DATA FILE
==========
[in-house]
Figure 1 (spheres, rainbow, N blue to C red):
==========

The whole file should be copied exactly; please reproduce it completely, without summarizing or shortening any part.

[in-house]
Figure 1 (spheres, rainbow, N blue to C red):